By Brenna Bailey for Arizona Daily Star
A new high school is in the works for Tucson’s south side that would give hundreds of teens the opportunity to work toward industry certifications while earning a high school diploma.
The high school, dubbed the JTED Innovative Learning Campus, will offer industry training in disciplines including culinary arts, medical assisting, mechatronics and more in a 50KSF “collaborative” learning space. The project is being led by the Pima Joint Technological Education District in partnership with Tucson’s largest school districts.
The campus, planned for the NWC of Park Avenue and Interstate 10, will cost the career-and-technical-education district around $14M to construct and own.
JTED plans on opening the school in the fall of 2020, according to district Superintendent Kathy Prather.
14 Years in the Making
The Innovative Learning Campus has been a project 14 years in the making, according to Prather.
The school will accommodate 400 to 500 students during the day and 450 to 550 at night, Prather added.
The building opening in 2020 will be the first of three for the Innovative Learning Campus, if all goes as planned. It will offer industry training in:
- Culinary arts.
- Information technology and web design.
- 3D game design and augmented studio design.
- Medical assisting.
- Licensed nursing.
JTED plans to equip the school with state-of-the-art labs, studios and simulation rooms so students can study and learn their trade in the most realistic scenarios possible, Prather said.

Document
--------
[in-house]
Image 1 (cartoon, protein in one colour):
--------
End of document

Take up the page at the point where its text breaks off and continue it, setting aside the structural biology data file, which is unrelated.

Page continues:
That includes a three-classroom, three-lab “super makerspace STEM area,” where students studying engineering, automation, artificial intelligence and more can gather to collaborate on projects.
Construction costs for the campus are expected to come in around $9M, with the land costing “several million” more, said JTED spokesman Greg D’Anna.
JTED will pay off the building and land costs through a lease-purchase to a joint venture between BFL Construction, the builder, and Bourn Cos., the landowner, Prather said. That means the district will pay off the cost of the school over the course of seven or so years — kind of like paying off a mortgage, she added.
The funding for all of this will come from the revenue JTED generates from county property taxes; student enrollment funding, which comes from the state; and a $250K grant from the Rotary Club of Tucson, Prather said.
The district plans to secure funding for constructing the other two buildings through public bond elections. If JTED gets the bonds, the campus could end up growing as large as 150KSF.
TUSD is looking to lease nine classrooms at the new campus. Each of those spaces will be designed to facilitate the project-based curriculum approach the district plans to take, according to Bryant Nodine, the operations program manager at TUSD.
TUSD could end up paying as much as $550K per year for the 40KSF it would lease from JTED, according to a letter of intent the TUSD Governing Board approved at its first meeting in March.
The specifics of the partnership are not yet set in stone though, Nodine added. The Governing Board still needs to approve an intergovernmental agreement with JTED before rent or any other costs are solidified.
Read more at Arizona Daily Star.